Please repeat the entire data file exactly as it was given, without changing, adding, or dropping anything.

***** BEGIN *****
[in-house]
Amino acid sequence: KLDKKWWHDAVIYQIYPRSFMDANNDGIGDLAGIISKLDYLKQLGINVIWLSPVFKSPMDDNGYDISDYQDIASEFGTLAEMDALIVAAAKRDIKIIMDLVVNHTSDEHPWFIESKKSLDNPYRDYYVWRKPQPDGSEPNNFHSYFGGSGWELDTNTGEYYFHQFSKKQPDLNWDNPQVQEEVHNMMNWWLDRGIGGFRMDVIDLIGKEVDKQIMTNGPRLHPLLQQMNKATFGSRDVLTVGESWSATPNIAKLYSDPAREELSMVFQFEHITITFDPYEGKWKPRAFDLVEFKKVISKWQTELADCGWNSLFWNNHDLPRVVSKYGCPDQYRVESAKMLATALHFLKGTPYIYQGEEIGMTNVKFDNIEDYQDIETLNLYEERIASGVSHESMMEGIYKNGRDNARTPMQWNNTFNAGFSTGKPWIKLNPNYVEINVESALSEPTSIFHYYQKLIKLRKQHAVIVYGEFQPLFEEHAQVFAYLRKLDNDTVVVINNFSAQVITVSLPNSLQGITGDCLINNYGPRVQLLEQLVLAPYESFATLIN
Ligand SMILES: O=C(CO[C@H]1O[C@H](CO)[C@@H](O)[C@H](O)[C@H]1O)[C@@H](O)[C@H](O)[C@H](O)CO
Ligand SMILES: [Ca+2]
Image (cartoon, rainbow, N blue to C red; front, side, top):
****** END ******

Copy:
[in-house]
Amino acid sequence: KLDKKWWHDAVIYQIYPRSFMDANNDGIGDLAGIISKLDYLKQLGINVIWLSPVFKSPMDDNGYDISDYQDIASEFGTLAEMDALIVAAAKRDIKIIMDLVVNHTSDEHPWFIESKKSLDNPYRDYYVWRKPQPDGSEPNNFHSYFGGSGWELDTNTGEYYFHQFSKKQPDLNWDNPQVQEEVHNMMNWWLDRGIGGFRMDVIDLIGKEVDKQIMTNGPRLHPLLQQMNKATFGSRDVLTVGESWSATPNIAKLYSDPAREELSMVFQFEHITITFDPYEGKWKPRAFDLVEFKKVISKWQTELADCGWNSLFWNNHDLPRVVSKYGCPDQYRVESAKMLATALHFLKGTPYIYQGEEIGMTNVKFDNIEDYQDIETLNLYEERIASGVSHESMMEGIYKNGRDNARTPMQWNNTFNAGFSTGKPWIKLNPNYVEINVESALSEPTSIFHYYQKLIKLRKQHAVIVYGEFQPLFEEHAQVFAYLRKLDNDTVVVINNFSAQVITVSLPNSLQGITGDCLINNYGPRVQLLEQLVLAPYESFATLIN
Ligand SMILES: O=C(CO[C@H]1O[C@H](CO)[C@@H](O)[C@H](O)[C@H]1O)[C@@H](O)[C@H](O)[C@H](O)CO
Ligand SMILES: [Ca+2]
Image (cartoon, rainbow, N blue to C red; front, side, top):